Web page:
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Sarah Fry

Dr Sarah Fry

Senior Lecturer: Adult Nursing

School of Healthcare Sciences

+44 29206 87724
Ty Dewi Sant, Room Room 2.14, University Hospital of Wales, Heath Park, Cardiff, CF14 4XN
Available for postgraduate supervision


I am  a Senior Lecturer in Adult Nursing. My research expertise involve understanding socially derived health knowledge, and particularly the construction of knowledge in communities at high risk of health inequalities. I also has expertise in patient and public involvement in research and advise researcers on how to involve people at the early stages of resarch design, data collection and dissemination.  I works closely with the University flagship engagement project, Community Gateway, to find ways of better engaging high-risk groups and develop community-led projects to study cultural diversity in understanding health risks  This work includes engagement with communities local to Cardiff University to set-up and run a 1-mile running event in August each year, the Butetown Mile, and I have been working with the community on delivering this event since 2013.

As part of the University Celebrating Excellence Awards 2022, I was awarded excellence in Equality, Diversity and Inclusion for work with black, Asian and minority ethnic communities.  My background in nursing has developed my academic thinking about where knowledge of health and illness is derived, and adaptations healthcare practitioners and academics may need to make to be accessible to black, Asian and minority ethnic communities.

As part of this work, I was recently awarded (March 2022), a Future Leaders in Cancer Research (FLiCR) Seedcorn fund, hosted by the College of Biomedical and Life Sciences at Cardiff University, to develop a Community Research Group with African and African Caribbean men.  The group worked together to find methods for studying minority ethnic men’s interpretation of prostate cancer health literature.  This was the subject of my PhD, which was derived from my experience of working in prostate cancer clinics, where black men are underrepresented despite their high risk for this cancer.  My interests are in how prostate cancer literature is interpreted at a community level, and the Community Research Group worked with me to find viable methods to study this.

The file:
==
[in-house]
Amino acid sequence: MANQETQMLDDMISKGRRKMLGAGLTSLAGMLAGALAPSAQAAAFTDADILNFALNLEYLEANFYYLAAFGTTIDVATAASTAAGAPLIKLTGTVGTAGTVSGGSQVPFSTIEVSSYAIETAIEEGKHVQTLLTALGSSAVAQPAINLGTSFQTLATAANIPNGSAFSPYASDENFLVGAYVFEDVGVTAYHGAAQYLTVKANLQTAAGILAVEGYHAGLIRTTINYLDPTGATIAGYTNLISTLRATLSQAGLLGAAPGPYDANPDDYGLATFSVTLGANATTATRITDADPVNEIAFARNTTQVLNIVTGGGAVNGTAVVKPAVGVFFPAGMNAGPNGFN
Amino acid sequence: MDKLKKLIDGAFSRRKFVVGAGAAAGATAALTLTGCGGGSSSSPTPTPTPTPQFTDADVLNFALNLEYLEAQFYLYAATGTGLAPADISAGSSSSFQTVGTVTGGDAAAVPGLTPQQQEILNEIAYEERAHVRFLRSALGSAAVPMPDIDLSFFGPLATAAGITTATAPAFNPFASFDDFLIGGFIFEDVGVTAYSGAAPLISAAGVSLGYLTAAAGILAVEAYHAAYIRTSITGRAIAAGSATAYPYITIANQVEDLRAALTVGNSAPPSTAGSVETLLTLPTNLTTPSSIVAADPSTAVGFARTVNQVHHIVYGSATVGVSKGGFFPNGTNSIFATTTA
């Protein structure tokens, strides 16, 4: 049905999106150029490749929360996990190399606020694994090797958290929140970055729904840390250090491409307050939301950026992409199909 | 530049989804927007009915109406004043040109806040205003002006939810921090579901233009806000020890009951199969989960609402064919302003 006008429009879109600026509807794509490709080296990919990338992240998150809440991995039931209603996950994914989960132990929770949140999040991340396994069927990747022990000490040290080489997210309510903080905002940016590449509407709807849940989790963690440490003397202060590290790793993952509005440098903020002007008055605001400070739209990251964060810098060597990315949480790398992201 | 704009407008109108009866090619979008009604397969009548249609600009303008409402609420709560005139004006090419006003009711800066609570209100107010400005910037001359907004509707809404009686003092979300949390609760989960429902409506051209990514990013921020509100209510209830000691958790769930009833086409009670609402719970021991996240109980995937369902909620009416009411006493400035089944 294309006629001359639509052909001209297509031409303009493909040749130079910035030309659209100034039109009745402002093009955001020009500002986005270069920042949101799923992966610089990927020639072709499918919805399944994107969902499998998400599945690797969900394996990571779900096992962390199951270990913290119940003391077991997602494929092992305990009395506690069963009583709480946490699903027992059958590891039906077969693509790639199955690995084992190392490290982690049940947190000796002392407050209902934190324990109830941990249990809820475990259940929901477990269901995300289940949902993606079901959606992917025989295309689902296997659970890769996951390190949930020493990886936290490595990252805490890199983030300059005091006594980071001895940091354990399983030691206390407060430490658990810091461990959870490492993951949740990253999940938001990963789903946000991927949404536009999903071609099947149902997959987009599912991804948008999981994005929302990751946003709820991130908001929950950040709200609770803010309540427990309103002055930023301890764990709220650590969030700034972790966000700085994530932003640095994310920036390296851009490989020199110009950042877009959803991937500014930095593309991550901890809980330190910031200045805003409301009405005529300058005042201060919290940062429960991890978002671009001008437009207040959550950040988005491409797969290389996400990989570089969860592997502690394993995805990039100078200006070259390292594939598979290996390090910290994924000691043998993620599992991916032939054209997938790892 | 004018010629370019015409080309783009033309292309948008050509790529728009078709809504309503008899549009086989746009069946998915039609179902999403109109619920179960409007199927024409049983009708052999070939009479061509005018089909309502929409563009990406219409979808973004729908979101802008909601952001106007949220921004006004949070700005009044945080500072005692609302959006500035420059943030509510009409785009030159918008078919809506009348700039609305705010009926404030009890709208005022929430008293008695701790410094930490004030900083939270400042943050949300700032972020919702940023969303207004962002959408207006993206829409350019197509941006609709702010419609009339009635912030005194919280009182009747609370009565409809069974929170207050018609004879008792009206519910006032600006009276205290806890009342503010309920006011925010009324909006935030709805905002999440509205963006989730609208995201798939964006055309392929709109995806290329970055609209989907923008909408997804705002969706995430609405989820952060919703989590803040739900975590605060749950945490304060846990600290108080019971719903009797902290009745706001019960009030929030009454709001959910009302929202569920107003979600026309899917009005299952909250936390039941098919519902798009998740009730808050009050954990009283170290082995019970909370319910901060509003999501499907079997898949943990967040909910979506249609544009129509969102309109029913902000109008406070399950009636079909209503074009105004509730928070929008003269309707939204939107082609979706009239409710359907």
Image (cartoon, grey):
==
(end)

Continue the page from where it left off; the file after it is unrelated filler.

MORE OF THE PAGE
My teaching is at both postgraduate and undergraduate level.  My teaching interests are in research and critical analysis of literature, as well as developing critical thinking in advanced clinical practitioners.  I works closely with senior clinicians in the NHS to support a generation of practitioners who are working in complex care systems and require a high level of critical thinking skills.  I also teach on cancer care modules on specific risks of cancer in ethnic minority communities. 








Book sections

  • Fry, S. 2020. Strengthening community action. In: Bennett, C. L. and Lillyman, S. eds. Promoting Health and Wellbeing: For nursing and healthcare students. Banbury: Lantern Publishing Ltd, pp. 139-152.




My research interests include:

Community generated understandings of health risk

Understanding community interpretations of mass health communication